As we reported earlier, Bonner, or “Sugarfoot” as he was know by fans, family and friends, passed away on Saturday at the age of 69 after battling with cancer.
Here, Galloway reminisces about the man he thought of as his childhood hero.
Some kids claim Superman their hero. Mine was “Sugarfoot.” Small in stature yet larger than life, Leroy “Sugarfoot” Bonner was a Black Rock Star – the alter ego I could not have dreamed nor conjured better…and secretly wished I could be.
The first time I ever saw Sugarfoot was on the inside cover of the Ohio Players’ Skin Tight…flashing cool beyond compare with the backdrop of a most perfectly brown and round woman’s bottom behind him. Who could be that cool with ALL THAT at his fingertips?
One wide-but-bleary-eyed “Midnight Special” appearance later and it became clear that he was the one with the colorful country voice barkin’ up all that funk, sendin’ kitty cats up a tree.
If I had a dime for every time my friends and I shouted out “Sugarfoot”…on the playground, in a band rehearsal, in endless debates about the baddest of the baad – in tones from utter awe to highest comedy – I’d be typing this in a steaming hot bubble bath in a tub sculpted from gold inside a Malibu mansion.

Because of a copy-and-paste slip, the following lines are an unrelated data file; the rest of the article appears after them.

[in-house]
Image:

At heart, Sugar was a blues man – a street poet who chose his words as carefully as he chose which notes to sting you with next on his trademark double-neck guitar. “If I sang it, I wrote it,” he’d tell you to distinguish what came from his pen in The Players’ canon vs. what did not. The classic Ohio Players gatefold LP covers and greatest “hits” might lead the uninitiated to believe that all The Players ever had on their minds was sex. The Trotwood-Dayton player’s passing at the colorful age of “69,” I’m sure, won’t help (smile). However, neophytes have an education ahead.
Brother Bonner wrote eloquently of love – relationships and relations – from every angle: The Pleasure [“Varee is Love,” “It’s Your Night/Words of Love,” “From Now On (Let’s Play),”] The Pain [“I Want to Be Free,” “Alone,” “My Life,” “It’s All Over”] and The Ecstasy [“Sleep Talk,” “Precious Love,” “Heaven Must Be Like This”]. He had the tangiest of macks for all ladies of lusciousness [“Skin Tight,” “Fire,” “Sweet Sticky Thing”] but he reserved his sweetest poetry for the lady he loved [“Honey,” “Kiss”].
Read the rest of A. Scott Galloway’s piece on “Sugarfoot” at the Urban Music Scene.